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Rule 266. Open and Close - Admission
Except as provided in Rule 269 the plaintiff shall have the right to open and conclude both in adducing his evidence and in the argument, unless the burden of proof on the whole case under the pleadings rests upon the defendant, or unless the defendant or all of the defendants, if there should be more than one, shall, after the issues of fact are settled and before the trial commences, admit that the plaintiff is entitled to recover as set forth in the petition, except so far as he may be defeated, in whole or in part, by the allegations of the answer constituting a good defense, which may be established on the trial; which admission shall be entered of record, whereupon the defendant, or the defendants, if more than one, shall have the right to open and conclude in adducing the evidence and in the argument of the cause. The admission shall not serve to admit any allegation which is inconsistent with such defense, which defense shall be one that defendant has the burden of establishing, as for example, and without excluding other defenses: accord and satisfaction, adverse possession, arbitration and award, contributory negligence, discharge in bankruptcy, duress, estoppel, failure of consideration, fraud, release, res judicata, statute of frauds, statute of limitations, waiver, and the like.
Source: Texas Rule 31 (for District and County Courts).
Change: Reference to Rule 269. Substitution of “is entitled to recover” for “has a good cause of action,” substitution of “allegations” for “facts.” Last sentence added.
Oct. 29, 1940, eff. Sept. 1, 1941.
Question: In what instances is the defendant entitled to the opening and closing argument?
Answer: This question is answered by Rules 266 and 269. These rules provide that the plaintiff shall have the right to open and close the argument, except (1) where the burden of proof on the whole case under the pleading rests upon the defendant, or (2) where the defendant has the burden of proof on all matters which are submitted by the Court's Charge to the jury, or (3) where the defendant, before the trial commences; files and enters upon the record a written admission that the plaintiff is entitled to recover as set forth in the Petition except insofar as he may be defeated in. whole or in part by the allegations of the Answer constituting a ground of defense upon which the defendant has the burden of proof.
5 Tex. B.J. 95 (1942) reprinted in 8 Tex. B.J. 8 (1945).
(No. 30) Question: Does the inclusion in Rule 266 of the defense of "adverse possession" as one of the illustrative defenses which the defendant may urge after filing an admission to open and close have the effect of overruling the doctrine of Meade v. Logan, 110 S.W. 188 (Tex. Civ. App. 1908), namely, that in trespass to try title action in statutory form a defendant who files such an admission cannot show title in himself by limitations?
Answer: In our opinion, notwithstanding the admission, the defendant can show title by limitation.
In Meade v. Logan, the plaintiff in trespass to try title alleged that he had title at so recent a date that the period of limitation that was pleaded by defendant commenced before the date of the plaintiff's asserted title. The court held that, for this reason, the admission to open and close served to admit title in plaintiff during the period of limitation, and hence, served to admit defendant out of court. The same result, it opined, would follow where the petition merely alleged title in general, without fixing a date. It also held that limitation was not a plea in confession and avoidance, and hence, did not come within the rule governing admission to open and close.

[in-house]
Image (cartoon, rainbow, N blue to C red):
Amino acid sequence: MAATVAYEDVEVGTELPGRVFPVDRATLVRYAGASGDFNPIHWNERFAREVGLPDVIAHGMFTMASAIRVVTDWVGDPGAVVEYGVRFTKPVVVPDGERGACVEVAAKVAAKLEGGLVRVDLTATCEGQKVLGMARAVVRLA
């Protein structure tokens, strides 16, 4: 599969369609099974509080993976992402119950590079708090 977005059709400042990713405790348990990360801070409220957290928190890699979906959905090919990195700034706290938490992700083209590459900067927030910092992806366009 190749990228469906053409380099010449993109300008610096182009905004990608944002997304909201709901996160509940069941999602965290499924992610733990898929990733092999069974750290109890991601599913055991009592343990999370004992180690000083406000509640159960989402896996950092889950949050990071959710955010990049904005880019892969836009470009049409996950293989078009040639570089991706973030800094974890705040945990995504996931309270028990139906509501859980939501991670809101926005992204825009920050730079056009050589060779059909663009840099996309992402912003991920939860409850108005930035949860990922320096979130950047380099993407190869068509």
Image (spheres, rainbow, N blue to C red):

The above holding with respect to the defendant's admitting himself out of court is substantially contrary to part of the reasoning used by Judge Gaines in, Smith v. Traders' Nat'l Bank, 74 Tex. 541, 12 S.W. 221(1889). In this connection the court there said:
"In admitting the plaintiff's cause of action ‘except insofar as it might be defeated by the facts of the answer,' etc., he does not purport to admit the allegations of the petition, but merely to admit that the plaintiff has a prima facie case, and expressly declines to admit any fact inconsistent with the new matter alleged in his answer."
In our opinion, Rule 266 puts this reasoning into effect, with the following language:
"The admission shall not serve to admit any allegation which is inconsistent with such defense."
Consequently, in a case like Meade v. Logan, while the admission would now make a prima facie title in the plaintiff, it would not admit that title as of such a date as to defeat the defense of limitation.
The other part of the holding of Meade v. Logan is in our opinion answered by the following language of Rule 266:
" ... which defense shall be one that defendant has the burden of establishing, as for example, and without excluding other defenses: accord and satisfaction, adverse possession, arbitration and award, contributory negligence, discharge in bankruptcy, duress, estoppel, failure of consideration, fraud, release, res judicata, statute of frauds, statute of limitations, waiver, and the like."
It will be seen that the rule takes all emphasis away from the idea of "confession and avoidance," and rests the new test upon "burden." Among the examples given is this very plea of adverse possession and others that are not strictly in confession and avoidance but that nevertheless leave the defendant with the burden, for instance, estoppel and fraud.
We consider that under the rule as now worded the admission to open and close will not have the effect that is given to it in Meade v. Logan.
5 Tex. B.J. 169 (1942) reprinted in 8 Tex. B.J. 14 (1945).